Intersectionality – becoming a trojan horse!


Diminishing return as a concept- Unmixed blessing is a rarity. It is difficult to find in social science a concept that takes care of everything. The notion of intersectionality is one such case. It is supposed to be an advancement over social stratification categories like race, caste, class, gender. However, if we look closely, we can see that it has the possibility of being employed as a trojan horse argument.

In a way, intersectionality is a sociological basics. Students start their sociology with concepts like ‘role-set’, ‘status-set’. The usual example which is given is that of a person being simultaneously a son, father and doing a job – each conferring a role-status. But sociology textbooks also mention ‘master status’ which means that one or two aspects of an individual can override other aspects of that individual. A person’s low caste doesn’t leave the person no matter what the person achieves. Caste, class and gender can be social stratification categories because of this reason.

Surely, the claim of intersectionality could be that it explains the individual situation better. For example, two persons having the same amount of income would belong to two different sub-classes if one of them is with physical disability. Surely the person with disability is worse off. But suppose the person without disability has a lot of dependents while the person with disability has no dependent and from a rich family then it can become difficult to decide who is worse off. The predicament of many of the schedule caste government job holders is this- many dependents. We can see that if we move from group situations to individual situations then possibly sky is the limit. Once you turn the attention on individual situations, then you cannot stop intersectionality going beyond macro stratification categories and trying to capture individual ‘differences’ because its focus is on the individual.  This can become a wild goose chase. Neoliberalism criticizes the welfare state by saying that the welfare state has hastened its own demise by its own excesses. Similarly, intersectionality too can loose potency by its own excesses, for example two persons having similar income can belong to two different classes depending on the number of dependents. This will result in missing the woods for the trees.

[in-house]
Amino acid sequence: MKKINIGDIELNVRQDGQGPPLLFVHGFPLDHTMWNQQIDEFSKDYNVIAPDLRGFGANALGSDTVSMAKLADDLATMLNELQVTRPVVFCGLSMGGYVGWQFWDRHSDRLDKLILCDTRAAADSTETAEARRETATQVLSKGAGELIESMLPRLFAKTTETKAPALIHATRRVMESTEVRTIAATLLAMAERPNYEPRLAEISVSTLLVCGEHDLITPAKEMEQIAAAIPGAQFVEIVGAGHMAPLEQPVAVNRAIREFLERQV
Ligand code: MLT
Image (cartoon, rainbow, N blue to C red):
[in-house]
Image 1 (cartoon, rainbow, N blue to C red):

Sociology is not mathematics or economics. These days there is an index, probably for everything, taking into account multiple indicators, even qualitative, and converting them into a quantitative measure (for example an index for democracy).  Intersectionalism smacks of such desire for attaining objectivity. While an index can appear to be very objective and quantitative, the relative weight given to particular indicators in an index is a subjective decision. Where intersectionality starts and where it ends, the number of variables – all these still require a subjective judgement. How can we decide the relative weight of caste, class and gender and many other candidates for intersectionality! If we give them equal weight then they can cancel each other and we can reach a dead end.